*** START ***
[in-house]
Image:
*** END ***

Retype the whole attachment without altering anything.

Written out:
[in-house]
Image: